As others have noted, this is normal behavior. If the Security system preference's "require password to wake" box is checked, this causes the loginwindow process to require that the system.login.screensaver authorization right be satisfied.

By default, satisfying that right requires that the rule "authenticate-session-owner-or-admin" be true.

The system's list of rights and rules is defined in the /etc/authorization file, which defines which users or groups are authorized to perform specific tasks (which may or may not be filesystem operations).

You can change this behavior with Property List Editor (part of the Developer Tools or Server Admin Tools).

1. First make a copy of the authorization file in /etc. Place the copy on your desktop (for example), and make changes to that file.

2. Then change the behavior as desired:

a. If you prefer that only the current user (called the session owner) be able to unlock his/her screen, make this change:

Expand the rights dictionary, and look for the system.login.screensaver right. Expand that dictionary, and change the value of the rule string from authenticate-session-owner-or-admin to authenticate-session-owner.

b. If you want the current user and members of a particular group other than admin to be able to wake/unlock the screen, make these changes:

i. You need to make a new group. We'll use "screengroup" for the short name. You can do this via dscl or the Accounts preference pane. This is the group that will be the "screen admins" - any member can unlock any user's screen.

ii. You need to make a new rule. Pick a name for your new rule; we'll use "authenticate-session-owner-or-screengroup". Open /etc/authorization, expand and select the rules dictionary, and click New Child. Name the child "authenticate-session-owner-or-screengroup," and change its type to Dictionary. Then expand the "authenticate-session-owner-or-screengroup" dictionary, highlight it, and add six new children (via New Child button).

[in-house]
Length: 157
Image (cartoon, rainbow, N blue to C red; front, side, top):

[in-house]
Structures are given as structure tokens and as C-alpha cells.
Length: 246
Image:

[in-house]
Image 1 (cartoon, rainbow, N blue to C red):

The new children should be:

"allow-root" of type boolean (choose yes or no) No disables root's ability to unlock the screen.

"class" of type string should be "user"

"comment" of type string can be your notes

"group" of type string is the short name of the group whose members can unlock the screen. This example uses "screengroup" for the group name.

"session-owner" of type boolean should be Yes

"shared" of type boolean should be No

iii. Modify the system.login.screensaver right to use the new rule. As with (a), expand the rights and system.login.screensaver dictionaries. Change the value of the rule string to "authenticate-session-owner-or-screengroup"

3. Save changes to the desktop copy of authorization. Then use Terminal move the existing authorization file:

sudo mv /etc/authorization /etc/authorization.apple

4. Copy the edited (desktop copy) of authorization to /etc. You can do this with Terminal or the Finder - use Go to Folder to navigate to /etc, which is hidden.

5. Ensure that the POSIX owner and group for /etc/authorization are correct:

sudo chown root:admin /etc/authorization

(Since you made a copy of the original /etc/authorization, the POSIX permission bits are preserved - they are 0644.)

6. Reboot.

7. To undo your changes, simply switch out the authorization files and reboot:

sudo mv /etc/authorization /etc/authorization.mychanges
sudo mv /etc/authorization.apple /etc/authorization

--Gerrit



[ Reply to This | # ]
Normal Behavior
Authored by: coolsoldier on Dec 26, '07 11:59:11PM

<i>This</i> is the hint that needs to be on the front page.



[ Reply to This | # ]
Be aware of a multiple-user screen lock issue
Authored by: stewarsh on Dec 27, '07 09:57:30AM

I'd like to point out that one of the reasons for this function is to allow an admin to debug a problem a user might be having. Given how complex a user's environment(prefs, settings, variables, etc) might be it is far easier to "become" that user and figure out what's going on than try to debug it on another account.



[ Reply to This | # ]